OP: Our socially constructed ideas of gender

5 November 2019

Abby Jadali

ajadali@uccs.edu

Gender roles. A term sitting in a puddle of culture ideals and cultural norms. A term that was once used to help everyone understand their place in society but has instead caused a power imbalance among the sexes and gender identities.

Traditionally, women are thought of as being emotional and feminine and men as being level-headed and masculine. Now I know there are many more examples of socially constructed gender roles, but that would require me to write a longer article than I was prompted to write.

I also want to make it clear that I am not saying a woman cannot be feminine and emotional or that a man cannot be masculine and level-headed. What I am saying is that assuming that one is always like this and the other is never like that is completely discriminatory.

The differences between males and females is strictly their genitalia and reproductive systems, but even a person’s sex/sex organs do not affect their gender identity (or lack of). Gender and gender non-conforming/non-binary are a fluid way for anyone to identify and should not be assumed by people on the basis of an individual’s appearance or body parts.

My main goal here is to provide a better understanding of the terms that coincide with sex and gender, not to offend anyone, but to possibly assist someone in finding themselves.

For years it has been said that there are only two sexes and only two genders – but as our days progress, more and more terminology is arising to help people better identify themselves.

There are different types of sex: male, female and intersex. Male refers to those with male genitalia, female refers to those with female genitalia and intersex refers to those who have both in some capacity – meaning there are variations of this. The terms male, female and intersex are strictly meant to acknowledge a person’s genitalia but that does not mean they need to conform to the gender that has been socially attached.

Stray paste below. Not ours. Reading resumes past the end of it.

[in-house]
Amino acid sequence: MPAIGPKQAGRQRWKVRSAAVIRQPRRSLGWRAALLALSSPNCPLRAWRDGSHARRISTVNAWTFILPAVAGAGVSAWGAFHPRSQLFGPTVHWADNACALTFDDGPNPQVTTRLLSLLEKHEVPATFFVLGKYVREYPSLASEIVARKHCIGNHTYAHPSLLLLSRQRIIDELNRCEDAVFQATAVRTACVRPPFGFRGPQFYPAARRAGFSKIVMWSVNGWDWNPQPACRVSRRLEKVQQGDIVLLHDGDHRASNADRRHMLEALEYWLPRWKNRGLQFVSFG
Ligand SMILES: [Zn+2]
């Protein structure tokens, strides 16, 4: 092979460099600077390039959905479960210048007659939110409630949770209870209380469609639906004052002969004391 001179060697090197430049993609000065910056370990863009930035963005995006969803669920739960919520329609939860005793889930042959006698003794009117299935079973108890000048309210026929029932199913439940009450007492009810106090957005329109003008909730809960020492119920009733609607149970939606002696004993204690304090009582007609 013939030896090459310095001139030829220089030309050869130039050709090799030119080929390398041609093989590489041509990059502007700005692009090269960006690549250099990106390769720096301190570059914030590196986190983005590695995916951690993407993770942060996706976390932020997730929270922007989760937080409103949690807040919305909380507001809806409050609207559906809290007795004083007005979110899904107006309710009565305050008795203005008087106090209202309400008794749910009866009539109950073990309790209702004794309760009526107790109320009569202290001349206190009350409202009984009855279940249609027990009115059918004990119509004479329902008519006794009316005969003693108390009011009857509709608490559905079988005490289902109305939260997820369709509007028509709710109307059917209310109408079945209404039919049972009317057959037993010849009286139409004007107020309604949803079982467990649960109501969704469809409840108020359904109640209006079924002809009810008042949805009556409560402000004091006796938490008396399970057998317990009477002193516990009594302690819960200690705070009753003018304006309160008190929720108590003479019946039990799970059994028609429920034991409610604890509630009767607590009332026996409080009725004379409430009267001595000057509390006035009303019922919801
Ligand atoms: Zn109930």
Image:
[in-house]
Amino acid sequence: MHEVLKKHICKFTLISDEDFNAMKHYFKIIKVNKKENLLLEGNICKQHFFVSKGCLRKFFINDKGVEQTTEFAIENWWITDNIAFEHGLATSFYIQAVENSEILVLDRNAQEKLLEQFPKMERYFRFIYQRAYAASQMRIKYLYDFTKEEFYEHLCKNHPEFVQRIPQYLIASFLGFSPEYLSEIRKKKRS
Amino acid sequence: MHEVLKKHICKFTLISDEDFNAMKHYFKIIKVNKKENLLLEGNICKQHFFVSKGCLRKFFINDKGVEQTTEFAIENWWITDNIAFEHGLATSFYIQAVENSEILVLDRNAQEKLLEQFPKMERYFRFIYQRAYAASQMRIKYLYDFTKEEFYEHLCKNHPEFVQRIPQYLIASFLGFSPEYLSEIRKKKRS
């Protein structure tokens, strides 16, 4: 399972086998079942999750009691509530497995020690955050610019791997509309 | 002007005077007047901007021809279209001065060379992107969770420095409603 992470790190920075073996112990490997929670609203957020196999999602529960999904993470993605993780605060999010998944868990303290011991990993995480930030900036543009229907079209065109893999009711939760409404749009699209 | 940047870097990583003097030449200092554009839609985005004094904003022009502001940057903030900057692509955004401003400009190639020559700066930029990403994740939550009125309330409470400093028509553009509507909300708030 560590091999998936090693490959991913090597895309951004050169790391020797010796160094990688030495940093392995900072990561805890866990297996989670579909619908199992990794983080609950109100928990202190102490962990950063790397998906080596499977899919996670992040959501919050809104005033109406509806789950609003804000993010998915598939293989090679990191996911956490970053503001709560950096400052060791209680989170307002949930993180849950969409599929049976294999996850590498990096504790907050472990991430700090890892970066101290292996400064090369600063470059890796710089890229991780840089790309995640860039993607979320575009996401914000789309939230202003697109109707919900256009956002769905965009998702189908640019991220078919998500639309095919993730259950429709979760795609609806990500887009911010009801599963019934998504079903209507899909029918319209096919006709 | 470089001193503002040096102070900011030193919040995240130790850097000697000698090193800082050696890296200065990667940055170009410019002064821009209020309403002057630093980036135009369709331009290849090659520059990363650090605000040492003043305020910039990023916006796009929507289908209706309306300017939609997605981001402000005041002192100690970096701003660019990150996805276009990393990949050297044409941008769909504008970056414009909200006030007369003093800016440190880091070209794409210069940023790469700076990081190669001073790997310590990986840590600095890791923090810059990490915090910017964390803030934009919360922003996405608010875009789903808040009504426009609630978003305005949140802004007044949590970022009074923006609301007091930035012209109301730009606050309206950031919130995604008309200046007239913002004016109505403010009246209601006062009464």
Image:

There is no real number for the amount of genders a person can identify as, but I will attempt to name the most common: man, woman, non-binary, gender non-conforming and gender fluid. I will not say what each of these mean exactly because then I would be conforming to societies’ ideas of gender.

The people who possibly fall under any of these categories varies in how they express themselves from other people. I see the ones I mentioned here as umbrella terms, and there are an infinite number of identities that fall underneath.

Gender roles are a serious issue in our society, and while some people may see them as a necessity, I see them as a nuisance that is harming the way people live their lives. We should all be able to express ourselves in any way we want – to be anything we want.

My main piece of advice is to not try to guess someone’s gender or even assume it. If you are just meeting someone for the first time, they may not be comfortable sharing that kind of information right away. I suggest asking someone what their pronouns are (he, him/she, her/they and them are some of the more common).

If you are more knowledgeable about this topic and want to share, please write a letter to the editor so I can be better informed, and our audience can be as well.